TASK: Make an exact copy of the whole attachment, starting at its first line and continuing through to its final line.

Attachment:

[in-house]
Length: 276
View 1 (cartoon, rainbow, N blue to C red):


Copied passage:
[in-house]
Length: 276
View 1 (cartoon, rainbow, N blue to C red):